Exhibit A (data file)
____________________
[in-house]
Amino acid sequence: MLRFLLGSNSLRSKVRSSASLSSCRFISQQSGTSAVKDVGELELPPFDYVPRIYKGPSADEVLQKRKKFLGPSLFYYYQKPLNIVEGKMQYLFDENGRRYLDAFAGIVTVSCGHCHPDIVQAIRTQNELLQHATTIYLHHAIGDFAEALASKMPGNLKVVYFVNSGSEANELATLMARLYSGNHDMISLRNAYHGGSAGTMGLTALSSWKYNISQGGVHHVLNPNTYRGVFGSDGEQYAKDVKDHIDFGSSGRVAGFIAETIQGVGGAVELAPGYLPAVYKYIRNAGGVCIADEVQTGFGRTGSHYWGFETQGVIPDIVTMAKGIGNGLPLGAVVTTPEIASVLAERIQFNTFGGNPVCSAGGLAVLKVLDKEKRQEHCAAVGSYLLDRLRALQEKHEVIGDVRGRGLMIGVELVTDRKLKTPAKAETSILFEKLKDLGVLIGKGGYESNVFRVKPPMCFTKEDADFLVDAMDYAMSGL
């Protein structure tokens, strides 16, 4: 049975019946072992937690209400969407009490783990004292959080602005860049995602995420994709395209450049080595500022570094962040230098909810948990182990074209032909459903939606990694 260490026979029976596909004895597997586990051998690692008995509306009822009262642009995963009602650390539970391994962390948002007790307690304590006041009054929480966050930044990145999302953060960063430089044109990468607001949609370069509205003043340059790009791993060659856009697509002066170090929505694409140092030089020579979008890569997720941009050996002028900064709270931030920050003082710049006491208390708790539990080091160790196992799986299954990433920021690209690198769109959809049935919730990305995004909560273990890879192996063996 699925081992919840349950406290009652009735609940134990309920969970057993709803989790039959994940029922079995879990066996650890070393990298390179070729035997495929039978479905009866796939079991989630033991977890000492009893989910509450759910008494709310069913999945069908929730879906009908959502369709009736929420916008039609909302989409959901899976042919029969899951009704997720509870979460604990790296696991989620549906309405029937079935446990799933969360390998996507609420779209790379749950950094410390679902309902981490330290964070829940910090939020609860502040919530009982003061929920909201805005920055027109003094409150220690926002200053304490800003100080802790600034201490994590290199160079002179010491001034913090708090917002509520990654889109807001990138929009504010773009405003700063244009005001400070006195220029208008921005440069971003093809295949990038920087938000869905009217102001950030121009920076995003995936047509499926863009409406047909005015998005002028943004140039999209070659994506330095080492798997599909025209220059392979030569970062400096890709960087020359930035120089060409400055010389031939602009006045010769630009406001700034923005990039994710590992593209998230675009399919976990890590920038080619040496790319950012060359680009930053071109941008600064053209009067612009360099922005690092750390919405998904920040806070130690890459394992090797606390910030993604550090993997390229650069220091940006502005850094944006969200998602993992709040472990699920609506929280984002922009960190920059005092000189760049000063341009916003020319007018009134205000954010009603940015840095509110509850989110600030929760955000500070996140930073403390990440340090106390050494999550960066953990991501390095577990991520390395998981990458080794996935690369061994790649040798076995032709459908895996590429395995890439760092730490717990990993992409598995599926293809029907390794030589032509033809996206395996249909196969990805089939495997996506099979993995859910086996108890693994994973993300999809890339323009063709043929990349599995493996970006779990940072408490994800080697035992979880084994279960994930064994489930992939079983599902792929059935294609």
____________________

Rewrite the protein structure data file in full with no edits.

[in-house]
Amino acid sequence: MLRFLLGSNSLRSKVRSSASLSSCRFISQQSGTSAVKDVGELELPPFDYVPRIYKGPSADEVLQKRKKFLGPSLFYYYQKPLNIVEGKMQYLFDENGRRYLDAFAGIVTVSCGHCHPDIVQAIRTQNELLQHATTIYLHHAIGDFAEALASKMPGNLKVVYFVNSGSEANELATLMARLYSGNHDMISLRNAYHGGSAGTMGLTALSSWKYNISQGGVHHVLNPNTYRGVFGSDGEQYAKDVKDHIDFGSSGRVAGFIAETIQGVGGAVELAPGYLPAVYKYIRNAGGVCIADEVQTGFGRTGSHYWGFETQGVIPDIVTMAKGIGNGLPLGAVVTTPEIASVLAERIQFNTFGGNPVCSAGGLAVLKVLDKEKRQEHCAAVGSYLLDRLRALQEKHEVIGDVRGRGLMIGVELVTDRKLKTPAKAETSILFEKLKDLGVLIGKGGYESNVFRVKPPMCFTKEDADFLVDAMDYAMSGL
């Protein structure tokens, strides 16, 4: 049975019946072992937690209400969407009490783990004292959080602005860049995602995420994709395209450049080595500022570094962040230098909810948990182990074209032909459903939606990694 260490026979029976596909004895597997586990051998690692008995509306009822009262642009995963009602650390539970391994962390948002007790307690304590006041009054929480966050930044990145999302953060960063430089044109990468607001949609370069509205003043340059790009791993060659856009697509002066170090929505694409140092030089020579979008890569997720941009050996002028900064709270931030920050003082710049006491208390708790539990080091160790196992799986299954990433920021690209690198769109959809049935919730990305995004909560273990890879192996063996 699925081992919840349950406290009652009735609940134990309920969970057993709803989790039959994940029922079995879990066996650890070393990298390179070729035997495929039978479905009866796939079991989630033991977890000492009893989910509450759910008494709310069913999945069908929730879906009908959502369709009736929420916008039609909302989409959901899976042919029969899951009704997720509870979460604990790296696991989620549906309405029937079935446990799933969360390998996507609420779209790379749950950094410390679902309902981490330290964070829940910090939020609860502040919530009982003061929920909201805005920055027109003094409150220690926002200053304490800003100080802790600034201490994590290199160079002179010491001034913090708090917002509520990654889109807001990138929009504010773009405003700063244009005001400070006195220029208008921005440069971003093809295949990038920087938000869905009217102001950030121009920076995003995936047509499926863009409406047909005015998005002028943004140039999209070659994506330095080492798997599909025209220059392979030569970062400096890709960087020359930035120089060409400055010389031939602009006045010769630009406001700034923005990039994710590992593209998230675009399919976990890590920038080619040496790319950012060359680009930053071109941008600064053209009067612009360099922005690092750390919405998904920040806070130690890459394992090797606390910030993604550090993997390229650069220091940006502005850094944006969200998602993992709040472990699920609506929280984002922009960190920059005092000189760049000063341009916003020319007018009134205000954010009603940015840095509110509850989110600030929760955000500070996140930073403390990440340090106390050494999550960066953990991501390095577990991520390395998981990458080794996935690369061994790649040798076995032709459908895996590429395995890439760092730490717990990993992409598995599926293809029907390794030589032509033809996206395996249909196969990805089939495997996506099979993995859910086996108890693994994973993300999809890339323009063709043929990349599995493996970006779990940072408490994800080697035992979880084994279960994930064994489930992939079983599902792929059935294609």